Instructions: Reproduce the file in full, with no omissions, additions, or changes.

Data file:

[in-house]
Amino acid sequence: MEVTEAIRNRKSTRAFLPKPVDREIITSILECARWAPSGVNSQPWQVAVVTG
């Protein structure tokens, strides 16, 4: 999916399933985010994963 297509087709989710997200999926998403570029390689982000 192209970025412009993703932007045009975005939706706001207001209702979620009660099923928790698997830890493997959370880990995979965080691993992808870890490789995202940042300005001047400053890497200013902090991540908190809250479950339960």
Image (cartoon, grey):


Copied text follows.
[in-house]
Amino acid sequence: MEVTEAIRNRKSTRAFLPKPVDREIITSILECARWAPSGVNSQPWQVAVVTG
């Protein structure tokens, strides 16, 4: 999916399933985010994963 297509087709989710997200999926998403570029390689982000 192209970025412009993703932007045009975005939706706001207001209702979620009660099923928790698997830890493997959370880990995979965080691993992808870890490789995202940042300005001047400053890497200013902090991540908190809250479950339960």
Image (cartoon, grey):